A great leader, in good times, goes to the window (looks out at the team and shares the success), and in bad times, goes to the mirror (and accepts responsibility). (74-5 referring to James Collins)


“People are drawn toward and stick like glue to humble leaders.” (79)  “The message you want to send as a church or a business is, ‘I’m here to serve you, not use you.’” (81)


Pride blames others and denies the obvious, becomes defensive and rigid, results in low morale, high turnover, and mediocrity, and becomes out-of-touch and overworked.  (82-3)


Five basic phrases:  Hello, Please, Thank you, Can I help?, I’m sorry. (83)


Listening to others helps you see your weak points and brings accountability to your life. (88)  “Find someone who can give you honest feedback, and be willing to listen.” (89)


The Middle Ring: The Heart of Leadership

The four disciplines: Imagination unleashes the power of vision.  Mobilization lightens the load.  Specialization taps the power of unique abilities.  Innovation harnesses creativity. (97-8)


The three vision questions:  Where are we going?  How do we plan to get there?  Why bother (is it worth the cost)?  (104)


The vision cycle:  1. Assess the past against the mission.  2. Envision the future. Challenge your leadership team to write a description of five years from now.  3. Adjust the present. What needs to change to get us moving?  “Remember to off-load before you reload...” (118)


Mobilizing others and letting go is the “lead more, manage less” principle. When you release leadership to others, you actually increase your leadership potential.  (2 Tim 2:2) (125) “Lead others now only into service but into leadership.” (126)


“Let them dream with you.”  “They are much more likely to get excited and help lead.”  “Let them do it.”  “Let them go.”  “Be their cheerleader ...and turn them loose.” When someone else can do it 80% as well as you, let them do it. (128)  “Keep your eyes and ears open for latent leaders disguised as humble servants or managers.” (132)


Lead from your strengths, your “main things”.  To accomplish more, do less.  “You will serve your people best when you lead from your unique abilities.” Specialization means doing more of your best stuff instead of just stuff. (144-45) Instead of growing your circle of activities, shift your personal roles and responsibilities toward your zone of unique abilities. (151) Move more of your time and energy toward the center of your target.  Less is really more. (157)


“Mr. Status Quo chairs most boards....” (161)  “Few people attain great lives, in large part because it is just so easy to settle for a good life.” (163 quoting James Collins)  Status quo leaders “have too little compassion and too much contentment.  “The future belongs to the leader or organization that learns the art of flexing their forms without forgetting their core values.” (165)


“The real goal for twenty-first-century leaders should be to foster a culture of innovation that encourages and rewards creativity even when everything  seems to be just fine.” (166)


“Innovation requires thinking and thinking requires time.” (168 quoting Margaret Wheatley)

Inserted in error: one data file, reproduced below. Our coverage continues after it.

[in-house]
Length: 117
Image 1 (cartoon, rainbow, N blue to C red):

Four innovation questions: Me? (personal question), It? (structural question), Us? (relational question), Ah!? (strategic question).  Start with self: It’s time to change me.  (169)


Who am I spending my time with?  Meet new people; discover new mentors.  Reserve some relational space for people who can stretch you. (172)


“Is there one strategic initiative that, if we were to accomplish it, would take us to the next level?” (172) 


Time to think includes: Rest - Sabbath rest time, Results - blocks of undistracted time to concentrate on your “main thing,” Response - blocks of time dedicated to the needs of others, and Refocus – half or full days for assessing, evaluating, and adjusting your plan.  (179)


“Guard your core vision and values with a passion.” (183)


“The need to learn to juggle various demands is a fact of leadership.”  “Jugglers begin by choosing what they are going to juggle.”  “The demands of leadership are best juggled one type at a time.”  The four types:

·        Rest (your health, spirituality and marriage),

·        Results (the ‘main things’ that advance the mission),

·        Response (cleaning up and following up your ‘stuff’),

·        Refocus (adjusting what and how you should juggle).  (195-96)


Plan your week in larger chunks, like half days.  Arrange your week in terms of the four kinds of activities so you can tackle related activities together.   (197)


Sabbath days off are essential, a full 24 hours.  When you rest, really rest.  “And when you get away to refocus, allow yourself plenty of time to listen to God, reflect, and rethink how you want to approach the coming week, month, or year.  But during your refocus time, leave the cell phone at home, or at least out of sight!” (198)


What is your priority short list, the one, two, or three top priority items that trump everything else?  “My number one thing is my weekly teaching of the Scriptures.”  “I jealously guard most of my Wednesday, every Thursday morning, and every Friday morning for prayer, study, and prep time.” “Time with my leadership team of six and my larger staff of 27 is my second priority.” (205)


Refocus weekly, monthly, and annually.  (209)


An essential trait: determination, resolve, perseverance.  Hope is leadership hardiness, resilience, persistence. (216, 218) “There is a fine line between the impotency of hype and the power of hope.” (221)


“Spirituality is the foundation.  Make Christ your one Master and listen to His voice, follow His values, and pursue His vision.” (234)